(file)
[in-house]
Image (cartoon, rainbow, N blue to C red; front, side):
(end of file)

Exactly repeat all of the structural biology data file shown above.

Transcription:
[in-house]
Image (cartoon, rainbow, N blue to C red; front, side):